Finch believes that just as golfers now expect to hit an iron or driver on a launch monitor before they buy the same will happen with putters – customers will want to see the numbers before a purchase. While most pros don’t have the space or money to have a similar option to Core Golf there are other alternatives – simply having a good quality putting matt in the shop can keep members in the shop longer and help the pro build rapport and make sales. For those not able to do this Finch has a message: get in touch. “We don’t see ourselves as competitors to golf ranges or pro shops and some pros sell a putter and then point the customer in our direction for a fitting which works well for the pro and for us,” he says. “If you can’t do it, don’t be upset, as the customer will be happy the pro has sent them to us. If we work together in this industry then we can help keep it alive and well and we want to work with the pros local to us.”
Fitting the Tour
Paul Steels, KBS brand representative on the European Tour, gives us the lowdown on what the custom fitting process at an elite level.
Can you tell us about your golfing background?
I started in the golf industry by setting up the UK, European Sales & Marketing Operation for Golf Pride Grips. I did this for around 23 years. I then worked for Aldila Graphite Golf shafts doing the same job. After that I became self-employed and worked as a consultant in the golf Industry, working with many top brands out on Tour. I have worked on the European Tour now for close to 30 years, helping promote the various companies that I have worked for and even my own brand of golf grips called G-Rip. I now spend most of my time on Tour working for KBS steel golf shafts, a young, but very fast growing company. The designer, Kim Braly, has many years of experience in making Golf shafts and seems to get it correct every time he brings something new out.
Could you break down your custom fitting process?
Players will talk about what issues they may have and ask what KBS can do to help. As the KBS range of Shafts covers pretty much everything that a player will need, we can narrow it down to one or two models in our range. We can then test these on the range and compare with what they are currently using and see if we can improve on what’s going on.
Foresight Sports’ Quad & GC2+HMT, Trackman and Flight Scope are used to see spin, ball speed, launch, angle direction, distance, smash factor etc. etc. Most of the time we can find something that works better than what they are using. We then go to one of the manufacturers trucks and get the set made up with the new shafts. I work with the Tech Reps from each manufacturer and make sure they are happy for me to work with one of their players. This way we can start the club building process. The manufacturers know their product and the players a lot better than me so it’s important they are on board with what we are offering their player. They can then fine tune the clubs to their player’s specs with regards to swing, weight, length, loft and lie etc. etc.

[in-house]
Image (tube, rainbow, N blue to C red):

What’s it like working with Tour players?
It’s great to work with good players as they already know what they are looking for. In most cases, at their level, we are looking at small adjustments that can make a big difference. The main issue, for me, is that I am playing with their career and their ability to earn money. Therefore, it’s important that I give them the right advice even if it means they stick with what they had and I don’t get them to move into our product.
What advice would you give to golf pros when it comes to custom fitting?
It’s a must to have clubs fitted to the player. The shafts are the engine, so we need to get the shafts that are strong enough for the player’s club head speed. The launch of the ball must be to the players liking to maximize feel and distance. The grips are also important. The size is very important, as they need to fit the player’s hand. We all don’t wear a Medium-Large glove and likewise need different size grips. If a grip is too big it can cause a push or slice and if too small can cause a pull or a hook. The compound also needs to be comfortable so the player can get good feedback from each shot.
How much has custom fitting evolved over the last decade and what future changes will we see?
It’s changed big time with all the machines that we can use to help to show us exactly what’s going on with their golf swing and being able to show them the improvement that different products can make to their game. The one thing that has not changed is that there are two basic elements. For me, it’s all about ball flight and feel. I cannot know how it feels to the player. He has to tell me this. Ball flight is also individual. I know what I like, but that does not mean the players like it. We have to work together to get everything right.